One of the big rumors for Apple over the past couple of years has been about an iPad Pro model. The rumors and leaks are well documented and Apple’s faithful fanboys expect it feature a 12.9″ display – as compared to the 9.7″ iPad Air 2 display.
I have a terrible pastime of reading patent applications on the weekends and I happened to notice several published applications from last week indicating that Apple is sorting out both server-side processing and device-level processing of HDR or wide gamut video and images, along with the backward compatibility.
Wide gamut displays provide a much wider range of colors than what is available from sRGB displays, which makes up the overwhelming majority of consumer displays in today’s devices.
I haven’t parsed out all the details of the five different patent applications filed between September 2014 and February 2015 but, at first glance, it smells like Apple is sorting out how to handle content delivery (content being media, apps and everything else that shows up on an iOS device) for standard gamut and wide gamut displays (i.e., old and new iPads, ahem, the iPad Pro).
Aside from the patent applications, it makes sense when you think about how you differentiate “Pro” in a market full of handheld devices (many of which have already beat you to the punch with 4K screen resolutions). One of the big rumors or speculations attached to the iPad Pro was a 4K display. With no hard evidence of leaks relating to 4K in the rumored iPad Pro, perhaps that’s not really the big deal is going to be about in the iPad Pro’s display.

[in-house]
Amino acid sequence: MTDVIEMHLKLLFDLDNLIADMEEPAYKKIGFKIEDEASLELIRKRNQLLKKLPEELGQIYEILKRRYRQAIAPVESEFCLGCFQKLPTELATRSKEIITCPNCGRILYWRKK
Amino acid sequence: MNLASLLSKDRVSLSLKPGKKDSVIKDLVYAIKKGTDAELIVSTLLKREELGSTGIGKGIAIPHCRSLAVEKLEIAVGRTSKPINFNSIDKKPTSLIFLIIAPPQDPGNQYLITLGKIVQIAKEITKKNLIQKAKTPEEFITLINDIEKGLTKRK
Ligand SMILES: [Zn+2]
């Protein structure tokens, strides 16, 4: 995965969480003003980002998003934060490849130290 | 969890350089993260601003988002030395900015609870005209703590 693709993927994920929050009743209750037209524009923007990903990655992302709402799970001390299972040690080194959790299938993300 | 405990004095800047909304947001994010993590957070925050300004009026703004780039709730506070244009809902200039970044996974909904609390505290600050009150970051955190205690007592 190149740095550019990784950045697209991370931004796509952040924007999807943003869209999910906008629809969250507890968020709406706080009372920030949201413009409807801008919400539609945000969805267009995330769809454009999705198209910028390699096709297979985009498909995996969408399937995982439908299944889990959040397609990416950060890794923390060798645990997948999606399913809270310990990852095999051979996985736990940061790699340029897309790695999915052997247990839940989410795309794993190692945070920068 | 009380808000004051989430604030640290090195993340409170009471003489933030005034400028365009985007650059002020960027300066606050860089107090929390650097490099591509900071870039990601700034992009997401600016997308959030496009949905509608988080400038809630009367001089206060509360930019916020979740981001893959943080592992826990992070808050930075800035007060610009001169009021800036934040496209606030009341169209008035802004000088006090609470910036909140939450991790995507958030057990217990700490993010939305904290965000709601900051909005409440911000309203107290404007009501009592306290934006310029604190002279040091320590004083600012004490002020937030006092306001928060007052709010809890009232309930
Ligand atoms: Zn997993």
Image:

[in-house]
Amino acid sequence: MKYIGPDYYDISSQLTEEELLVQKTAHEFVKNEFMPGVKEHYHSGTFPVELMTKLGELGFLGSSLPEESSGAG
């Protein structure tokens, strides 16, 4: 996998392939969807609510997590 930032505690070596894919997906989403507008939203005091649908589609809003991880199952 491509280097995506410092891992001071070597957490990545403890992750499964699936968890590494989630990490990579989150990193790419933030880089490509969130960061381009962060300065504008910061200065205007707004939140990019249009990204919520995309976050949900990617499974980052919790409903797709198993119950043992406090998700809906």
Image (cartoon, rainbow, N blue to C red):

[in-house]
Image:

Wide gamut displays are decidedly a “pro” device, which 4K is becoming more and more mainstream. I don’t want to strain this definition of “pro” too far but it is a distinction worth noting.
I may be reading too far between the lines and may update this with additional thoughts after I process through all these patent applications, but maybe it’s time we moved beyond a world of sRGB and into a wider range of more life-like colors. We spend so much time in front of screens these days, so wouldn’t it be nice to see more realistic colors and images?
And wouldn’t it just be very Apple-like if they were the ones to bring us out of the sRGB color-space computing world and into a next generation of computer imaging?
The iPad Pro is rumored to be announced in October at a special Apple event. Before we get there though, we have an Apple event for the iPhone 6S (we think) coming up on September 9.
If you want to chime in with your thoughts or speculations, you can read the full patent applications below.